Cape Gazette
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Around Town

It's safe to go out again; take a trip down to the sea

By Nancy Katz | Sep 18, 2012

This is what we’ve been waiting for all summer, the peace and serenity, or as the poets would say, the everyday hum of life. Returning back to some sense of normalcy, others would agree.

You see things differently. I never realized how wide open Rehoboth and the surrounding areas of Route 1 have become. The spaces are as far as you can see. The highway is empty, the stores have no lines and there is plenty of parking. It’s enough to make your head spin and give you some kind of aneurysm.

Okay, now I’m lonely. Where is everyone? It’s too quiet. A small bug splatting on the windshield makes you jump. Where is all the noise and shouting? Are people doing something I don’t’ know about? That means they are probably having more fun than I am, which if you know me is a given anyway.

Someone actually let me cut in front of him while I was driving the speed of sound in my car. Now that’s just not right! What is that all about? Not even a dirty look! The area resembles an episode of The Twilight Zone, where the guy wakes up after a nuclear blast, because he’s been in a bank vault robbing the safe of all its money, and when he goes outside no one else has survived. He’s left a million books in the public library, and because it’s the Twilight Zone, he steps on his glasses.

Sure, it can’t be that extreme but you have to wonder if the pod people did land during the night and take over bodies. The pharmacist has now gotten all friendly and happy. The clerks aren’t too busy to wait on you. Even the waves are so bored they’ve stopped all motion, unless someone coughs to remind them to go back out.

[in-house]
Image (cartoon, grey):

Gradually, I follow other cars on Route 1 to see where everyone is going, but then it turns out they are following me because they too can feel the isolation and loneliness. There is no one to yell at, no traffic to bite your nails over and worst of all, no major driving attitude.

Believe it or not, we do not take to change quickly. And by we, I mean all those who still have a full set of teeth. Seriously, we’ve begged for summer to be over, but it was too steep a drop this year. We built up such anger and road rage, we can’t do without it. We are like drug addicts prowling the streets, looking for one more distracted driver, one more rude gesture or at the very least someone turning without a turn signal on. Is it so much to ask?

We are creatures of habit. It’s just like converting your lightweight summer wardrobe over to those heavier winter colors and fabrics. Some people never get it. You’ve all seen that guy at the post office or bank in December, snow falling off his head and eyelashes, but still wearing those Bermuda shorts and running shoes.

And we’ve encountered women in the summer still encased in long black skirts and boots. They either haven’t looked at a calendar, or they just keep going to a lot of funerals.

But there is one area of this resort that never changes. And that is the beach. On this day, the sky woke up and smiled into a blue cerulean palette. It accented itself with white puffy clouds. Someone was flying a kite, its multicolored triangle and tail bobbing and weaving as they giggled. Some people walked the sand, heads bent, looking for that perfect seashell or stone.

There was not a hint of technology here as old friends greeted each other and young children ran in circles chasing sea gulls. The air smelled fresh and the sun warmed our cheeks. The planted sea grasses swayed gently to their own music.

You didn’t need anyone here. You could be alone and not alone. All your needs were met if you had an appreciation for Mother Nature and all her wonders we so often take for granted. There will be crowds again, noise again and angry drivers. So enjoy it while you can, and take yourself down to the sea.

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